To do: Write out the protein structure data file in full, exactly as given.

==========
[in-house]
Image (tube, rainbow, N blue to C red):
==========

[in-house]
Image (tube, rainbow, N blue to C red):